This report makes a number of recommendations for GCC governments and international allies. Key points are summarized below. In short, it argues that the Gulf countries should seize the opportunity to carry out meaningful reforms towards more constitutional forms of monarchy. Failing that, the various dynamics of change – economic, demographic, social and political – will add to pressures on the states of the Gulf, and increase the risks of future conflict in a region of vital strategic importance to the rest of the world.
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80
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World Population Prospects The 2015 Revision

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Date of Editorial Board meeting: 
Publication date: 
Wednesday, April 29, 2015
Abstract in English: 
On 29 July 2015, the Population Division released the twenty-fourth round of official United Nations population estimates and projections. The 2015 Revision builds on the previous revision by incorporating the findings of new population censuses and specialized demographic surveys, which have been published since the previous revision. This comprehensive review of worldwide demographic trends and future prospects is essential for assessing the degree of progress made in achieving the Millennium Development Goals (MDGs) and to guide policies aimed at achieving the new post-2015 development agenda, which Member States will adopt this fall. The main results, presented in a series of Excel files displaying key demographic indicators for each development group, income group, major area, region and country for selected periods or dates within 1950-2100, are all available online, and accompanied by other materials as well.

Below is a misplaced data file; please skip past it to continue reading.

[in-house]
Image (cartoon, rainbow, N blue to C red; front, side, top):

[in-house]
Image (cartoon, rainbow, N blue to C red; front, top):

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66
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Global Trends to 2030: Can the EU meet the challenges ahead?

Date of Editorial Board meeting: 
Publication date: 
Thursday, March 26, 2015
Abstract in English: 
Built on the previous reports drawn up under the ESPAS project to date, this study seeks to map more comprehensively the five major trends that are likely to shape the future and will need to be taken into account by the Union as it defines coherent strategic options for the next governance cycle. They include:
- A richer and older human race characterised by an expanding global middle class and greater inequalities
- A more vulnerable process of globalisation led by and economic G3
- A transformative industrial and technological revolution
- A growing nexus of climate change, energy and the competition for resources
- Changing power, increased interdependence and fragile multilateralism
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82